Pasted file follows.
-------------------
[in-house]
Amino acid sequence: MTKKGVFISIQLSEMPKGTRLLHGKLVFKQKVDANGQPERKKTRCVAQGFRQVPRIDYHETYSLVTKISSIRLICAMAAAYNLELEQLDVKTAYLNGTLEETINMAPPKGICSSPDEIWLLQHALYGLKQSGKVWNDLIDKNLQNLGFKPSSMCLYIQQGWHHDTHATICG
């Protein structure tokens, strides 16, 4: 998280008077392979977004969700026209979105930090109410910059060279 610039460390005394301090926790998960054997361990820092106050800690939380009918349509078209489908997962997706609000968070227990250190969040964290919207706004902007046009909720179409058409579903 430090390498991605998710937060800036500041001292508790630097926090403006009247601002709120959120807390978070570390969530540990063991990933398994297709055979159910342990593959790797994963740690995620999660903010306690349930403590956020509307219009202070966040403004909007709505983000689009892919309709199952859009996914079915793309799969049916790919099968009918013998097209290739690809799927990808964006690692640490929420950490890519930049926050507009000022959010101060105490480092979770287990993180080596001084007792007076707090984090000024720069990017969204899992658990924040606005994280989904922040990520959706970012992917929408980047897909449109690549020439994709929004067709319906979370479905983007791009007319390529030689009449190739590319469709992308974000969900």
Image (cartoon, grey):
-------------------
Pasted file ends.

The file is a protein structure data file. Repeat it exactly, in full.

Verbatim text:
[in-house]
Amino acid sequence: MTKKGVFISIQLSEMPKGTRLLHGKLVFKQKVDANGQPERKKTRCVAQGFRQVPRIDYHETYSLVTKISSIRLICAMAAAYNLELEQLDVKTAYLNGTLEETINMAPPKGICSSPDEIWLLQHALYGLKQSGKVWNDLIDKNLQNLGFKPSSMCLYIQQGWHHDTHATICG
């Protein structure tokens, strides 16, 4: 998280008077392979977004969700026209979105930090109410910059060279 610039460390005394301090926790998960054997361990820092106050800690939380009918349509078209489908997962997706609000968070227990250190969040964290919207706004902007046009909720179409058409579903 430090390498991605998710937060800036500041001292508790630097926090403006009247601002709120959120807390978070570390969530540990063991990933398994297709055979159910342990593959790797994963740690995620999660903010306690349930403590956020509307219009202070966040403004909007709505983000689009892919309709199952859009996914079915793309799969049916790919099968009918013998097209290739690809799927990808964006690692640490929420950490890519930049926050507009000022959010101060105490480092979770287990993180080596001084007792007076707090984090000024720069990017969204899992658990924040606005994280989904922040990520959706970012992917929408980047897909449109690549020439994709929004067709319906979370479905983007791009007319390529030689009449190739590319469709992308974000969900």
Image (cartoon, grey):